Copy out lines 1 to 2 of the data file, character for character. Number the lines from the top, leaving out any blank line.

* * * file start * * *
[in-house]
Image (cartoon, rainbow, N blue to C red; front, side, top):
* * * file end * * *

[in-house]
Image (cartoon, rainbow, N blue to C red; front, side, top):